The parking lot, which was originally procured to make business flow more efficiently, now looked like Times Square at rush hour with employees' heaps parked very which way, taking every available inch of space. Half the time the bums couldn't even squeeze through to relieve themselves. Nobody wanted to park in the back, because in order to get his car out he would have to go into the factory and get five guys to come out and move their cars. The calculations that went into getting a strategically placed parking spot came to resemble the court machinations of medieval Byzantium. Gringo Pendejo, unable to impose order because of Pato's interference, washed his hands, saying "Fuck 'em! Let 'em drive their cars up each other's ass!"

The most explosive element in this volatile compound of automotive madness was Johnny Pato, who was Pato's brother, another Puerto Rican Jew. But Johnny was more Puerto Rican than Jew. He called himself Johnny Toro, which means "bull," but that got changed to Johnny Loro, which means parrot, because when he got excited, which was all the time, his voice went up an octave and it sounded like a parrot squawking. Finally, it morphed into Johnny Pato, because of his brother and because "pato," which means "duck," is also Spanish slang for homosexual.

If Pato, with his round face and bourgeois corpulence, could be said to have been born in the Year of the Pig, Johnny had every hallmark of the Year of the Monkey. A short, thin man with slightly bowled legs, long arms that seemed to reach almost to his knees and bony hands like vice grips which ended in gnarled, disfigured fingernails that bespoke too many exposures to degreaser and battery acid, Johnny was a rough, mean character capable of spontaneous combustion at any minute. Though illiterate, he was a reasoning, intelligent being and his violent outbursts were all the more ominous for the logic and calculated reasoning that informed them.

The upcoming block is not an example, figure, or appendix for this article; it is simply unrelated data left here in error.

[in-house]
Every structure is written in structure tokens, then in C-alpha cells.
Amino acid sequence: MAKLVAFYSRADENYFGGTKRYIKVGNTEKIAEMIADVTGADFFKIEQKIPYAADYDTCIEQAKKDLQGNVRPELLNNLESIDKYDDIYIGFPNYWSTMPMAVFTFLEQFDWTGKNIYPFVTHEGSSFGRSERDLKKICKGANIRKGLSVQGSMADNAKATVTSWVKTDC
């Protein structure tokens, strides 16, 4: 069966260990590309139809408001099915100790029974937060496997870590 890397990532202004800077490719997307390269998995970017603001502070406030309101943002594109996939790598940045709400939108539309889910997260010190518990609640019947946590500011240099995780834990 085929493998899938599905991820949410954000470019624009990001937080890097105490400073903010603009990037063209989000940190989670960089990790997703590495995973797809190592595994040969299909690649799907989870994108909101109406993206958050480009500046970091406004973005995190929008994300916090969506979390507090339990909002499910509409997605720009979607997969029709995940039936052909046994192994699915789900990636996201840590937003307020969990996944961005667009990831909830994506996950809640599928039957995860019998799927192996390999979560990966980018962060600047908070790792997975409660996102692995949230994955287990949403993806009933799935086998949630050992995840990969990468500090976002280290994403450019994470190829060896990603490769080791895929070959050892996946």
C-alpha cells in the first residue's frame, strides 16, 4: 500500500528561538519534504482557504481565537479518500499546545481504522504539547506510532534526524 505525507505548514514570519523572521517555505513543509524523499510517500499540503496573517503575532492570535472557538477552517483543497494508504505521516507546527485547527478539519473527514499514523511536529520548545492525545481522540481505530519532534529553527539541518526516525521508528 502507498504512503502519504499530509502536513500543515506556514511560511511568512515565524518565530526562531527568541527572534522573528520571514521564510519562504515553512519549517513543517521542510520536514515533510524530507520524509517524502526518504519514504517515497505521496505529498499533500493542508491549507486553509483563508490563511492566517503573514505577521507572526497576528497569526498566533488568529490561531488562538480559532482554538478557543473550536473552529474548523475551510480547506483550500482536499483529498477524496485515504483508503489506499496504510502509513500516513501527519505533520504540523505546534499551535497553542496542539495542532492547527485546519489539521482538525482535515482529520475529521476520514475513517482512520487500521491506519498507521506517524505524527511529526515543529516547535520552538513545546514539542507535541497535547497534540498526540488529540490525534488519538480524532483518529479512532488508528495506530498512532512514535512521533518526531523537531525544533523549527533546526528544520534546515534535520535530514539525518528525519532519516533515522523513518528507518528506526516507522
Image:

If logic and calculation were manifestations of the Jewish side of Johnny's nature, the outrageous lunatic aspects of his personality could be attributed to the Puerto Rican blood flowing through his veins like an unstable and combustable compound of rum and salsa picante heated to the boiling point, exploding out of his head like a ferociously overheated double boiler.

Pato had fired Johnny and taken him back so many times that he got paid for the times he was absent, with that time deducted from his pay. As a consequence, he never took a vacation, all his off time being spent in court or at anger management therapy sessions which Pato, who subscribed to whatever politically correct theory of self-improvement happened to be currently circulating, fervently believed in.

Johnny was already persona non grata in the office of La Creta, whom he had tried to seduce in his own inimitable grease monkey style by telling her up front, "Why don't you quit playing hard to get and admit that you want me, bitch?"
©
Dean Borok Feb 6th 2008